Coping with School Closures. Advice for Teachers

For teachers in the UK, such sudden and possibly long-lasting school closures are not something we have physically or mentally prepared ourselves for. Many of us will have experienced short-term closures due to things like power cuts, floods, heavy snow or other common phenomena. Such a force majeure as Covid-19 is quite unprecedented for nearly all teachers today.


After the initial shock of closure comes the more lasting fear and concern. What comes next? How do I keep my students on track? What are we going to do about exams? How can we be a proper bulwark of support if we can’t be physically there for our students each day?


All of these are valid concerns and are especially pressing for teachers who have next experienced this kind of significant disruption to their working lives. The first piece of advice for teachers is to remain calm and don’t despair. Your job needn’t descend to the role of a mere functionary. Your job won’t be reduced to merely sending students worksheets via email and then eagerly awaiting their return.


The key is staying positive and embracing all the tools available to you. What many teachers will find is that this can be a very positive learning experience as you employ new technology and create new approaches to learning that you’d never previously had a chance to use.


What can you do as a teacher?

The teacher’s role in the current crisis is essential. As symbols of steadfastness and level-headedness, our educators should be leading by example. The “keep calm and carry on” spirit has to be kept alive by those our young people look to for instruction and guidance.


Here are some ideas of how to make your time away from school both supportive to your students and productive for yourself and your career.


1. Make use of live online communication

You may not be able to see students in person, but you can still talk with them in real-time thanks to the marvels of the Internet age. Create dedicated pathways for direct talk — Skype, WhatsApp, Zoom and any other software that can connect you with your students face to face. Make separate accounts to keep personal/professional matters well separated.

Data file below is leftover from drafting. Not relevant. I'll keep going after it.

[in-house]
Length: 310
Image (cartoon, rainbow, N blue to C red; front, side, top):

Set up sessions to speak with your students about their work, the materials they’re covering, and as a chance for dialogue and feedback. You’ll quickly realise that the online platforms, while not recreating the in-classroom experience fully, are a viable alternative in hard times.


2. Create dynamic content

Your computer, when combined with your creative mind, is a veritable factory of instructive innovation. Use your downtime to make instructional videos, “how-to” guides, knowledge organisers, quizzes and more. You can upload everything you make onto a single platform for easy download.


You might discover that you love the challenge to create new things, and the opportunity to move away from the prescribed methods at your particular schools. This new age of isolation is forcing us to come up with new approaches to do all sorts of things. Set your mind to the task, and you can create great things.


3. Advise students on using their time productively

Besides preparing academic materials, share your insights on how to become an “isolated learner.” Help students stay positive by giving them ideas on how to use their time productively, and how to organise their time to suit the new environment. It doesn’t matter that these measures are temporary, we still have to adapt until we know for sure when things will return to normal.


Besides their schoolwork, give them ideas on things to do in their downtime. You could create reading lists, optional essay practice, ideas for easy hobbies that can be taken up with minimal materials and equipment — the list of possibilities is near endless.


Keeping students busy and productive is the best way to get them through a tough time. Students idling while looking up scary news online will only descend into a worse state. Teachers should be strongly advising students and parents about keeping active and positive.

4. Share, share, share

Create a dedicated email address and sharing platform (e.g. Dropbox, Google Drive, etc.) to create a kind of “library” for them to peruse and make us of. The email can be a place for students to submit their work, as well as a channel for communication. The sharing platform is a convenient way to put all your materials in one place where all students can access and download them as they need.

Besides creating content, you can also trawl the web for useful sites and fun, productive activities to keep students mentally active during their isolation period—the more variety you can find for them, the better.

5. Keep calm and carry on

Don’t think of these new circumstances as a crisis or even an obstacle to your teaching work. Try to see this situation as a unique opportunity to try new approaches. We predict that you will find it easier than you think to keep your students well supplied with useful work and materials.

At the end of it all, perhaps a positive thing to emerge from the experience will be the education establishment finally being able to acknowledge the role of outside media, online learning platforms and learning in ways that break the traditional education mould.